What Now: In the wake of Ferguson

Tomorrow, I will present to the officers of the Central District at their roll call. I have a shtick prepared, the same one I always use, when I introduce The Inner Harbor Project to officers. I usually start by explaining that even if they’re just learning about us, we’ve been effectively collaborating with the Department for years. I explain how our Peace Ambassador and mediation programs are aimed at diffusing tension between teens. I talk about our Cultural Competency Training course, which teens developed to coach officers on interacting more positively with teens. I explain that this is very important because negative interactions between law enforcements and teens results in teen on teen crime, vandalism, theft and a lack of pride in the Inner Harbor and Baltimore. I was planning on talking about our success with the Inner Harbor Unit this summer and how together, we reduced juvenile arrests and incident rates.

Given the events that have occurred over the last 24 hours, I want to say something different. I need to say something different.

“Yes, we have worked closely with police officers to build a bridge of trust between teens and police in the Inner Harbor. But this bridge is very fragile. It has been built by the hope of young people who have forgiven injustices in exchange for this tenuous dream. Writing this, in my office, with their faces all around me, I am reminded of their courageousness. They have taken the first step towards trust. Wanya and Desmond greet Lieutenant Olson when they pass him on the promenade. In the next moment, they walk up to their friends and encourage them to be a part of our movement of positivity.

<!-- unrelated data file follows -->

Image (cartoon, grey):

And officers have taken the first step as well. The smart ones realize that they are limited in their ability to speak with teens about these issues. The smarter ones realize that by treating teens with respect in the Harbor, they have an opportunity to improve relationships throughout the city. The smartest ones realize that to black teenagers, they represent oppression and they must change their role in order to create a just world.

On a good day, I am proud of what we’ve done. I am proud of the trust we have built when only two and a half years ago teens and police denied that we would ever get this far. (Last week, a higher up in the Department admitted that he never thought it would work.) But today is not a good day. Today, I am reminded of how fragile a bridge we have built. One misstep, one betrayal, and it will not be two steps back but five or ten. To have convinced the youth leaders I work with – teens who two years ago swore they would never be in the same room as an officer – that respect can exist between teens and police is a miracle. Each of you is responsible for protecting that trust and strengthening this bridge. If you destroy it, I fear all hope will be lost. “

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